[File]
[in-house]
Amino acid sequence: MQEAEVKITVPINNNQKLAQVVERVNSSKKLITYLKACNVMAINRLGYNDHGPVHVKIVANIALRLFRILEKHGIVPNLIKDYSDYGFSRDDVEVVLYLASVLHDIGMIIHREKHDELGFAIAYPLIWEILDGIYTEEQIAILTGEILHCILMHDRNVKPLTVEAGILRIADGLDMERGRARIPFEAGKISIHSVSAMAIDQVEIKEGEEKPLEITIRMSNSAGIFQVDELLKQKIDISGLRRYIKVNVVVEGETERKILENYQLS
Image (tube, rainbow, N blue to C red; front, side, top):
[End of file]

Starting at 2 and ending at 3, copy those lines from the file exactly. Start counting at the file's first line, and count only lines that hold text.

Amino acid sequence: MQEAEVKITVPINNNQKLAQVVERVNSSKKLITYLKACNVMAINRLGYNDHGPVHVKIVANIALRLFRILEKHGIVPNLIKDYSDYGFSRDDVEVVLYLASVLHDIGMIIHREKHDELGFAIAYPLIWEILDGIYTEEQIAILTGEILHCILMHDRNVKPLTVEAGILRIADGLDMERGRARIPFEAGKISIHSVSAMAIDQVEIKEGEEKPLEITIRMSNSAGIFQVDELLKQKIDISGLRRYIKVNVVVEGETERKILENYQLS
Image (tube, rainbow, N blue to C red; front, side, top):